The controllers, in their first public remarks since the crash, said they also had no idea how severe the weather was at Dallas-Fort Worth International Airport until IOO mph winds were clocked there minutes after the lx>ekheed L-1011 went down “That night going home. I felt like there was nothing I could have done or should have done that would have changed anything.” said a 46-year-old Garland man who controlled the flight until six minutes before the crash
“I don t think any information was withheld from the pilot that he would have made a different decision than he did" to fly into the rain, he said Two of the three controllers monitoring Delta Flight 191 on Aug 2
were interviewed by a Fort Worth newspaper reporter and spoke on condition they not be identified byname.
“It’s just a feeling of helplessness.'' said a controller from Irving, who had given the pilot clearance to land, then futilely commanded, "Go around.”
You’re standing there looking at an airplane explode and you know that people are dying. You don't have any idea how many,” he said • There's not a .. thing you can do for them Zero.”
National Transportation Safet> Board investigators have not determined the cause of the crash, but wind shear — a sudden shift in wind speed and direction spawned by severe thunderstorms — is a prime suspect.
But the first thought for each controller, veterans of 24 years or more, was whether he had done something wrong
When they said it was an airliner that crashed. I thought I hoped it
Boy crawls to help while clutching his severed leg
OXNARD. Calif AP) - A 6-year-
old boy playing on railroad tracks lost a leg when he slipped beneath the wheels of a freight tram, then crawled IOO feet to seek help while clutching the severed limb. officials say.
The boy, .Andreas Antonio Magana. was reported in satisfactory condition today Doctors were unable to reattach the boy's nght leg. said Jean Franek, associate director of nursing at Ventura County Medical Center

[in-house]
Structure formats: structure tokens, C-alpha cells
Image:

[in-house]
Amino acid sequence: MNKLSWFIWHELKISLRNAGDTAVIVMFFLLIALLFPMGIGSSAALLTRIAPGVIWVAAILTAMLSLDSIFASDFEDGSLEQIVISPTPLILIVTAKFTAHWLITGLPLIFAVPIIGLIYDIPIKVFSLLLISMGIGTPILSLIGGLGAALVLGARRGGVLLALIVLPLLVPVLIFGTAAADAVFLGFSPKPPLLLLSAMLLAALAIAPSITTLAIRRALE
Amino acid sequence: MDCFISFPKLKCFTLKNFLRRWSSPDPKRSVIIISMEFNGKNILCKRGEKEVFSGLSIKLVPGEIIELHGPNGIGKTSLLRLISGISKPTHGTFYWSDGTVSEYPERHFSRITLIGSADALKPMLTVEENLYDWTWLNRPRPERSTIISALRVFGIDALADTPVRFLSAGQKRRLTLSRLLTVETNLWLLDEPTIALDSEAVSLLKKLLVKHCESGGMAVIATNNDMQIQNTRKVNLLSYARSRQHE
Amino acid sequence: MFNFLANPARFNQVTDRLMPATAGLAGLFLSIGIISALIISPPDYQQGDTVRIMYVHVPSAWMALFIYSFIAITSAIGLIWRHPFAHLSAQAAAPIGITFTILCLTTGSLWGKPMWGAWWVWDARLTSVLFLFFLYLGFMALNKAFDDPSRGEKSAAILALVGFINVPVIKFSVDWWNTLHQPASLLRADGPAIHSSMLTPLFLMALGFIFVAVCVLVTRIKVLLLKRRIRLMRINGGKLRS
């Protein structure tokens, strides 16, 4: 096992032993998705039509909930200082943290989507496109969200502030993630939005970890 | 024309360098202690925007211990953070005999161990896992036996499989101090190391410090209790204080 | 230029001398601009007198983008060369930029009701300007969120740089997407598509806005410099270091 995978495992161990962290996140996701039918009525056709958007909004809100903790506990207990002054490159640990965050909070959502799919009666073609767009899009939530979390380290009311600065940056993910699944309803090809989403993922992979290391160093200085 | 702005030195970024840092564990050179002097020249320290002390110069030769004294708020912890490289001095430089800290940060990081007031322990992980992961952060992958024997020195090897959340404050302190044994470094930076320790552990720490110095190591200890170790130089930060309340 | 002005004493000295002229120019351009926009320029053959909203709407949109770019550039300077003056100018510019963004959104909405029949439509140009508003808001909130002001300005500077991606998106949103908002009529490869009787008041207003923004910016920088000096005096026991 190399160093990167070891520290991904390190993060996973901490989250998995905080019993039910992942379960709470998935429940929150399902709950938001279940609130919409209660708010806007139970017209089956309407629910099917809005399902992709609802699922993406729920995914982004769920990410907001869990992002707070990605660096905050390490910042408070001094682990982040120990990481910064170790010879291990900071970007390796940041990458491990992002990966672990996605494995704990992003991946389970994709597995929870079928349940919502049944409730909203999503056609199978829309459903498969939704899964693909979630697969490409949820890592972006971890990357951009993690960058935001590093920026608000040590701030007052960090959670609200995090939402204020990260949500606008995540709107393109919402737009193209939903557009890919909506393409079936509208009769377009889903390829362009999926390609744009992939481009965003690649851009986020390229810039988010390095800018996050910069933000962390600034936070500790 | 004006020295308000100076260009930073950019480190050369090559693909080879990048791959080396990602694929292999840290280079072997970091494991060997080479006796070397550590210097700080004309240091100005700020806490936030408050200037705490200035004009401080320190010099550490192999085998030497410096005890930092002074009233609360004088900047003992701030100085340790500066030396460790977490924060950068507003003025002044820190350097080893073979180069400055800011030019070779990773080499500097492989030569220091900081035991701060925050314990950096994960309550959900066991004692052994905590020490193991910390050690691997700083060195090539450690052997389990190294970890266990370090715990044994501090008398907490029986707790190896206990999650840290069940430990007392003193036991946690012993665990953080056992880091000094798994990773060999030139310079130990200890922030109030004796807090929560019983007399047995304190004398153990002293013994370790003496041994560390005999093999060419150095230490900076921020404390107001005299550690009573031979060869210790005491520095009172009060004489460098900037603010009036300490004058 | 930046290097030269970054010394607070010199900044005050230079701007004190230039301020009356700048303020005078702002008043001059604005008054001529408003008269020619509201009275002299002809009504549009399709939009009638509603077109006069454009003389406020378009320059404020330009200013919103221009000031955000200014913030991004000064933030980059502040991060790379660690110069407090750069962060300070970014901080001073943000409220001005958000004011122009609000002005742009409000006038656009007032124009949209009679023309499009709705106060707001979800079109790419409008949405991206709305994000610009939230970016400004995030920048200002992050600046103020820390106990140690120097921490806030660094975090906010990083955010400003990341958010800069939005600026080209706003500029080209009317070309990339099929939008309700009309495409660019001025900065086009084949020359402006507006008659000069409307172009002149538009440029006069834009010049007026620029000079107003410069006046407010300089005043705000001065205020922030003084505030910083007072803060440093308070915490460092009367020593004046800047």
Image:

.Andreas and a group of friends
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Operational errors by air traffic controllers
—I At control centers
— [handles flights between airports]
In number O* errors
At control towers
[landings takeoffs at airports]
‘As Of June 20 1985
Note A centro' center error is defined as two aircraft that come closer to each other than 5 miles horizontally or 1 OOO 'eel vertically [2 000 feet at a * 'joes above 29 OOO feet] a control tower error is defined as doser •ogetner than 3 miles nonzontaify or 1 OOO feet vertically
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wasn't serious," said the Garland
contr- lier. who could not see the
crash from his station in a darkened radar room. “I hoped we didn t do
playing near the railroad tracks Wednesday evening began climbing on the ladder of a box car moving at 9 mph, police Id. Gordon Hubbard said
The boy slipped and fell on the tracks and the eastbound train s wheels severed his leg between his knee and ankle.
Andreas, carrying his leg. managed to crawl about IOO feet to a home across the street where residents called an ambulance. Hubbard said.
Officers find body on charred briquettes
THREE RIVERS (AP) - An autops) has been ordered on the body of an unidentified man found lying on a bed of flaming barbecue briquettes. Texas authorities said.
A motorist on the way to work noticed the flames early Thursday and called the lave Oak County sheriffs office
When authorities arrived at the
Three controllers at the tower and radar complex supervised Flight 191 's approach to the north end of the airport. Two were in the windowless radar room and one in the control tower. One of the radar controllers declined to be interviewed.
By the time the controller issued his “go around” order to abort the landing, the plane had touched down in a field 1,777 feet north of the runway, lifted and smacked into a car on Texas Highway 114. killing the driver.
The controller from Irving said that when he saw the plane break through the rain, he had no idea that weather was responsible for its low altitude. He said he ordered the abort believing the pilot could pull back into the sky.
"Instinct — after years and years and years of watching airplanes landing, it appeared to me he was at an improper attitude to land,” he said. “It was just instinct to say, Delta go around.”*
As soon as he said that, he noticed a fire in the plane’s left wing area.
“It was just seconds afterwards he made a hard left turn, nose down, wing down, hit the ground, then bounced into the (water) tanks and exploded.”
He called down to the arrival controller to say, “Nobody is to land at the airport. We’ve had a crash. Everyone go around.”
“(My voice) didn’t sound so calm to me. It wasn’t hysterical. It was more or less the type of voice that there s no choice. Dio it now.
“After the crash it was just real quiet in the tower. I told everyone not to move anything on that half of the airport.”
He directed two planes back into the sky and told a trainee to stop all ground traffic.
“I was reaching for the crash phone but the other supervisor* already had it. Even with the feeling of helpless there’s things you’ve got to do to get organized.”
scene eight miles north of Three Rivers, they tried to douse the flames with a fire extinguisher and then with water.
“He was laying on the briquettes like a pillow” in a bar ditch. Sheriff Ioirn Busby said.
The victim “had been placed in a bar ditch and his head, neck and shoulders had been laid on briquettes. He had been doused with some kind of flammable liquid and set on fire," Busby said.